Endangered Gorillas "Held Hostage" by Rebels in Africa Park
Nick Wadhams in Nairobi, Kenya
for National Geographic News
|May 23, 2007|
African rebels killed a wildlife officer and wounded three people on Sunday in attacks on three ranger posts in the Democratic Republic of the Congo's Virunga National Park.
Now the Mai Mai rebels say they will kill mountain gorillas in the park if rangers try to retaliate, according to the conservation group Wildlife Direct, based in Kenya and the Democratic Republic of the Congo (DRC).
"The Mai Mai are doing everything to sabotage the good intentions of well-intentioned conservationists," Virunga National Park Director Norbert Mushenzi said in a statement.
"This was an unprovoked attack on our rangers and other wildlife officers who protect Virunga's wildlife. And the Mai Mai said that if we retaliate, they will kill all the gorillas in this area."
The World Conservation Union lists mountain gorillas as critically endangered, meaning they face a very high risk of extinction in the wild in the near future.
Mai Mai Threat
Despite the Mai Mai warning, the DRC government has deployed two of its elite ranger units to chase the militia.
The Mai Mai movement first began as a peasant uprising in the 1960s.
It would not be the first time that the Mai Mai have hunted down park animals.
They slaughtered hundreds of hippopotamuses last year to bring international attention to their movement.
The Mai Mai are also suspected of killing and eating at least two mountain gorillas in January. Later that month they agreed to stop targeting the gorillas, but the hippo killings continue, scientists say.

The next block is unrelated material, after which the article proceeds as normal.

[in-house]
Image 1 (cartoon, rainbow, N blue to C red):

According to the online conservation project WildlifeDirect, 200 Mai Mai rebels commanded by a man known as Jackson attacked the three posts in the Mount Tshiaberimu gorilla sector in the early hours of May 20.
In addition to with the casualties, the guerrillas took 13 people hostage but eventually released them.
The 2-million-acre (79,000-hectare) park is a UN World Heritage site and is home to diverse habitats, including swamps, snowfields, and volcanoes. Its most famous inhabitants are its mountain gorillas.
Over a hundred rangers have been slain in recent years trying to protect wildlife there.
Johannes Refisch of the UN-led Great Apes Survival Project said some 350 gorillas remain in Virunga.
He said it is impossible to say what was behind the latest attack—or if the Mai Mai were ultimately responsible—because the park is home to a host of competing factions.
Among those factions: former Rwandan military officers implicated in the 1994 genocide, Mai Mai rebels, and smaller armed groups, all vying for power and resources.
"It's sometimes quite difficult to see what really triggered the violence," Refisch said. "The situation is very fragile."
The latest attack was especially troubling, because it was in the park's northern sector.
Previous attacks had been limited to the south, said Noelle Kumpel, program manager of the bush-meat and forest conservation program at the Zoological Society of London. (Bush meat is the flesh of wild animals.)
The northern sector has been "so much more secure than the southern sector," Kumpel said. "Things seemed to be getting better, and this is a bit of a setback.
"Things have gotten worse again."
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